… with fixed bayonets, for the order to go over. My mind was a blank, except for the recurrence of S’nice S’mince S’pie, S’nice S’mince S’pie… I don’t like ham, lamb, or jam, and I don’t like roley-poley…

The men laughed at my singing. The acting C.S.M. said: “It’s murder, sir.”

‘Of course it’s murder, you bloody fool,’ I agreed. ‘But there’s nothing else for it, is there?’ It was still raining. But when I sees a s’nice s’mince s’pie, I asks for a helping twice…'”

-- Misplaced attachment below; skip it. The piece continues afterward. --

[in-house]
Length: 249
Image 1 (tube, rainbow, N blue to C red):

For Veterans’ Day, an excerpt from Goodbye to All That, the World War I memoir by Robert Graves.

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One Response to ““We waited on the fire-step from four to nine o’clock…”

  1. david foster Says:

    One of the best books I’ve read on the social/psychological effects of WWI is Erich Maria Remarque’s novel The Road Back…not as well-known as his All Quiet, but an outstanding work. It makes a useful reading companion to Paul Fussell’s The Great War and Modern Memory.

    I reviewed the Remarque book here:


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